BRUSSELS (Reuters) - Ireland and Portugal want up to 15 more years to pay back loans to the EU to ease their return to financial markets, but sources said on Monday that while an extension is likely it may not be as long as they want.
The head of the Eurogroup meeting of finance ministers said late on Monday he would ask non-euro European Union colleagues on Tuesday if they were willing to adjust the conditions of the loans the EU made to Ireland and Portugal.
“If there was to be an agreement tomorrow, we would ask the troika (of European Central Bank, European Commission and International Monetary Fund) to come forward with a proposal for the best possible option for each of these of the two countries,” Jeroen Dijsselbloem said.
EU Commissioner Olli Rehn said he hoped the ministers could make a decision at the next Eurogroup and EU finance ministers meeting in Dublin in April.
EU governments are considering ways to help the two states, both bailout recipients, return to raising funds on the capital markets. Loans to both states came from the two rescue funds EFSM and EFSF.
This could be done by limiting the borrowing needed to cover big debt repayments in 2016 and 2021 for Portugal and 2016 and 2022 in Ireland.
A full return to markets by Dublin and Lisbon would be a success for the euro zone, which wants to show that bailout reforms can work, even though the sovereign debt crisis sent unemployment rocketing and led to an election standoff in Italy.
Approval of non-euro zone countries for the extension of the loan maturity for Portugal and Ireland is needed because both countries received loans from the European Financial Stability Mechanism (EFSM), a 60 billion-euro fund which raised money on the market against the security of the budget of the whole EU.
An extension of the EFSM loans will therefore have to be approved by all EU countries. Extending loans granted by the euro zone temporary bailout fund, the European Financial Stability Facility (EFSF), will require unanimous approval from all 17 euro zone governments that are shareholders in the EFSF.
Irish Finance Minister Michael Noonan told reporters on Monday he was aware his demand may not be met fully.
“Our lowest maturities are five years and they extend out to the high 20s, so what we are asking is an extension of 15 years on average, but we will see how it goes,” Noonan said.
“I don’t think there is a disposition to extend that long,” he added, speaking ahead of the ministers’ meeting in Brussels.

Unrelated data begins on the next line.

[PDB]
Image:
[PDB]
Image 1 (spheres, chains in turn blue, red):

A senior European Union source said Portugal was demanding the same extension, taking its cue from what was granted to Greece as part of its package in November.
Ministers and EU officials have said they are generally in favour of extending maturities on the loans.
“Portugal and Ireland have such well-performing programmes that there is a positive predisposition to helping them,” one senior euro zone official said.
But with Ireland’s programme expiring only at the end of this year and Portugal’s next year, it might be too early to decide now, the official said.
“I do believe we are going in the direction of genuine maturity extensions, maybe not exorbitant, so that markets don’t wonder,” the official added.
An options paper by the European Commission and the European Financial Stability Fund - the rescue fund under which both countries received their bailouts - presented five options on how to help Portugal and Ireland.
Back loading repayment of the loans within their existing schedules - or possibly also extending the maturities of the loans beyond the current repayment schedules - are the preferred options, according to the paper seen by Reuters.
“It is down to Germany now,” one EU official said. “It all depends on how well Germany can make the case that none of these options are a substantial change to the programme. If not, they will need Bundestag approval.”
With just seven months until federal elections, Germany’s government wants to avoid having to get parliamentary approval for the change to the Irish and Portuguese loans.
That rules out giving the two countries a precautionary credit line under the European Stability Mechanism (ESM) - a precondition for tapping the European Central Bank’s bond-buying programme - or extending the programmes without giving new funds.
It also rules out a new programme altogether, another proposal made in the paper.
Ireland has begun to gradually return to capital markets and plans to launch a new 10-year benchmark bond before resuming regular bond auctions later this year.
The country raised a quarter of its long-term debt target for the year in January when it sold more than 2.5 billion euros (2.15 billion pounds) of five-year debt.
Portugal dipped back in the market in January with a 5-year bond for the first time since its 2011 bailout. It is expected to try a 10-year bond later in the year.
Reporting by Jan Strupczewski and Annika Breidthardt; Editing by Andrew Roche